This Week in West Virginia History

The following events happened on these dates in West Virginia history. To read more, go to e-WV: The West Virginia Encyclopedia at

April 23, 1857: Andrew Summers Rowan was born in Gap Mills, Monroe County. Rowan, a military officer, was chosen as the messenger when President McKinley wanted to send a message to Cuban General Calixto Garcia. The 1899 pamphlet, A Message to Garcia, made the incident famous.

April 24, 1865: The McNeill’s Rangers surrendered to Union troops at New Creek (now Keyser). The Confederate guerrilla force probably never numbered more than 100 men at any time, but they managed to do damage to Union operations.

April 25, 1923: Union leader Arnold Ray Miller was born at Leewood on Cabin Creek in Kanawha County. In December 1972 he defeated Tony Boyle to become president of the United Mine Workers.

April 26, 1816: General Alexander Welch Reynolds was born in Lewisburg. He served in the armies of the United States and the Confederacy. After the war, Reynolds accepted a commission as a colonel in the forces of the khedive of Egypt, the ruler of Egypt under the Ottoman Empire.

April 27, 1978: An accident at the Willow Island Power Station on the Ohio River killed 51 men. The scaffolding that had been erected for use in the construction of a new cooling tower collapsed, sending them plunging to the ground.

April 28, 1884: Musician Henry Reed was born in Peterstown, Monroe County. Reed was a legendary West Virginia fiddler whose repertory contributed to the old-time music revival in the last half of the 20th century.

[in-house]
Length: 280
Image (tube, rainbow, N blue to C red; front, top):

April 28, 1914: An explosion at the Eccles No. 5 mine in Raleigh County killed 174 men. The mine connected with Eccles No. 6, operating in another coal seam, and nine men in No. 6 died of injuries and of afterdamp, the deadly gas left after a mine explosion.

April 28, 1920: The Monongahela National Forest was created by presidential proclamation. It is the only national forest that is completely within the boundaries of West Virginia.

April 28, 1924: An explosion ripped through the Benwood coal mine south of Wheeling, killing 119 miners.

April 28, 1948: Watt Powell Park opened in Charleston. About 8,000 people, including Governor Okey L. Patteson, attended the city’s inaugural game in the Class A Central League. Watt Powell Park was replaced by the city’s new Appalachian Power Park after the 2004 season, and the old ballpark was demolished in 2005.

April 29, 1863: Confederate General William E. ‘‘Grumble’’ Jones waged a battle at Fairmont that involved a force of 500 regulars, home guards, and volunteers. The Confederates prevailed, burning the personal library of Francis Pierpont, governor of the Restored Government of Virginia, and exploding an iron railroad bridge across the Monongahela River.